Let it rip. Image: Getty Images
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From Big Bang to Big Rip: how will the universe end?

The universe is a very sticky place, but how sticky is it? Could it favour the “Big Rip” demise of the universe?

All good things come to an end. And the universe is no exception. In about 10100 years (that’s 10x10, 100 times over – so a long time), the universe will be dead, and all that will be left is a relic of the life and energy it once birthed.

Aeons from now, the universe will be nothing but bits of dead photons, electrons and neutrinos – that’s about it, sadly.

But how will the universe end? Will it freeze to death (the Big Freeze), get crunched to bits (the Big Crunch), or even more radically, get ripped apart (the Big Rip)?

It is not known how to describe viscous fluids (yep, sticky fluids) in the context of Einstein’s general relativity. Over the years, different approaches have been made, from Eckart’s theory to Mueller-Israel-Stewart theory.

Recently, researchers at Vanderbilt University have discovered a new mathematical formulation that may help draw a line between the two notions. This new formula ties in well with one of the more radical scenarios of how the universe with end – the "Big Rip".

The Big Rip is a cosmological hypothesis first published in 2003, which proposes the possibility of dark energy accelerating, and consequently the universe expanding, without limit. The dark energy will eventually become unbearably strong that the universe (gravitational, electromagnetic and weak nuclear forces) rips itself into pieces, hence the name.

The maths also sheds new light on the fundamental properties of dark energy, a force that is still largely unknown. The new approach is described in the Physical Review D.

Cosmological viscosity (ie. the stickiness of the universe) isn’t like the viscosity of ketchup, for example, which is a measure of a fluid’s resistance to flowing through small openings like the neck of a ketchup bottle. It’s the measure of a fluid’s resistance to expansion or contraction.

Marcelo Disconzi, an assistant professor of  mathematics, started off by tackling the problem of fluid dynamics - the natural science of fluids in motion - which happens quite frequently in the universe from supernovae (exploding stars) to neutron stars (stars double the size of the Sun that have crushed down to the size of cities).

Although scientists have successfully modelled what happens when ideal fluids with no stickiness move to near-light speeds, no one has managed to come up with a generally accepted way of dealing with sticky fluids travelling at near-light speed.

This is because the models haven’t made much sense: the most confusing models predict conditions where these fluids travel faster than the speed of light, defying the laws of physics.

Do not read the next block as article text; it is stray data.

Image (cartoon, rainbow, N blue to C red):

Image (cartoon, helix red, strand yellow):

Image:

These problems inspired Disconzi to reformulate an old proposal by André Lichnerowic from 1955 (a proposal that remained mostly unnoticed until Disconzi’s 2014 paper) in a way that does not exhibit the flaw of allowing faster-than-light speeds.

After showing that Lichnerowicz's approach is potentially a viable candidate, Disconzi teamed up with Robert Scherrer and Thomas Kephart from the Vanderbilt Physics Department, finding that a Big Rip scenario is a natural consequence of the equations. The results included some potential new insights into the mysterious nature of dark energy.

Most dark energy theories so far haven’t taken cosmic stickiness into consideration, despite the fact that the repulsive effect is strikingly similar to that of dark energy.

“It is possible, but not very likely, that viscosity could account for all the acceleration that has been attributed to dark energy," Disconzi said to Vanderbilt University News‎. "It is more likely that a significant fraction of the acceleration could be due to this more prosaic cause. As a result, viscosity may act as an important constraint on the properties of dark energy,” he adds.

"In previous models with viscosity the Big Rip was not possible," Scherrer said to Vanderbilt University News‎."In this new model, viscosity actually drives the universe toward this extreme end state."

I ask Disconzi about the accuracy of his results. He replies:

My result by no means settles the question of what the correct formulation of relativistic viscous fluids is. What it shows is that, under some assumptions, the equations put forward by Lichnerowicz have solutions and the solutions do not predict faster-than-light signals. But we still don’t know if these results remain valid under the most general situations relevant to physics."

He also reflects on how his new formula may change the way we see cosmology: